The study also increased the understanding of how Industry 4.0 technologies can provide opportunities to build resilience factors or strategies and positively impact sustainability. Five factors were identified, the first of which was that there were more efficient operations regarding resources, time, energy, and operational efficiency; this is called robustness. Secondly, new agile data collection forms were possible with the implementation of Industry 4.0, which resulted in reduced waste and scrap in production. Thirdly because of this improved data availability, there was increased visibility in production logistics. Next was business model innovation driven by simulation models and virtual prototypes that replaced physical tests at the production site. Finally, IoT and cyber-physical systems (CPS) enhanced manufacturing operations' flexibility, allowing for better machine set-ups and seamless adaptation.

From her research to date, Chari delivered four takeaways that she wanted industry to be aware of. That starts with the systemic challenges enterprises need to be aware of before implementing Industry 4.0 technologies to build resilience or sustainability, which are myriad. For example, funding was found to be a significant bottleneck with a need for more support from top-level management to invest. Add to that regulations and policies, and dynamic customer demands, which also challenge industries. Then there were the organization's internal challenges of digital maturity and the quality of available data.

The second and crucial aspect is understanding what Industry 4.0 means and particularly its relevance to sustainability and resilience because it is apparent that there is a general misconception. Is it IoT or CPS? These terms are interchangeable, although comprehension is improving. The understanding of Industry 4.0 and the circular economy need clarification for effective implementation. When it comes to resilience, it was discovered that many companies have inbuilt resilience. Still, it needs to be recognized as a core strategy, more a by-product of agility or process optimization. Understanding the importance of resilience or building it into business strategy by implementing Industry 4.0 is still challenging. Analyzing what resilience is and its impact still needs to be clarified for many organizations.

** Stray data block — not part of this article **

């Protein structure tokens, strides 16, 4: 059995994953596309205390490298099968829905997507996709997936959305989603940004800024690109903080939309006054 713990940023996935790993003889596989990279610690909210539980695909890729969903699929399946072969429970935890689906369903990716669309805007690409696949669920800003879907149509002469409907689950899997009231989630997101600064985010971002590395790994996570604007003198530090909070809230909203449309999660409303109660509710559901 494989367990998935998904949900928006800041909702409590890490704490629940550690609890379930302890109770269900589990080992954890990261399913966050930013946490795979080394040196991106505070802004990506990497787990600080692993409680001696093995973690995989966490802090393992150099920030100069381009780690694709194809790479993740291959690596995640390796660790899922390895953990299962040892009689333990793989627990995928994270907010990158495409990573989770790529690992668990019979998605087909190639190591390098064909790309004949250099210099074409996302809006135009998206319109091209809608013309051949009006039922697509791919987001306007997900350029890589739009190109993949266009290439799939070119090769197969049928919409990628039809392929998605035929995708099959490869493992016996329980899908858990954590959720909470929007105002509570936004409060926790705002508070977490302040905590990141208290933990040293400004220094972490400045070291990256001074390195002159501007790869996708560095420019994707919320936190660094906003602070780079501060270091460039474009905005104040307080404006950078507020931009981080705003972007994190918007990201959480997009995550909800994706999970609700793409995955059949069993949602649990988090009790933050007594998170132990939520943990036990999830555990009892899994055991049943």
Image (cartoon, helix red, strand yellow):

The plan for the project is to build a resilience model to deliver a holistic understanding of the different types of risks that impact different types of organizations. What are their corresponding disruptions? Do industries have specific resilience capabilities or strategies that they need to develop? How does this relate to sustainability?

Over the past years, industry has witnessed several disruptive events that have forced organizations to consider building resilience and sustainability in their supply chains and operations. Preparing and investing for future hypotheticals can pay off. Over time, this long-term thinking is crucial because it can help minimize losses, improve digital capabilities, and strengthen industrial ecosystems. So rather than thinking of it as trade-offs between resilience, sustainability, and operations, there needs to be a rebalancing that produces a win-win situation for all.

Listen to the complete webinar above and gain a deeper insight into the research and the results to date.